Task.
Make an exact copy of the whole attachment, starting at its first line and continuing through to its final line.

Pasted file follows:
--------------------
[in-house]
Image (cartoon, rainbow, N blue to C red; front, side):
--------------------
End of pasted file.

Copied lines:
[in-house]
Image (cartoon, rainbow, N blue to C red; front, side):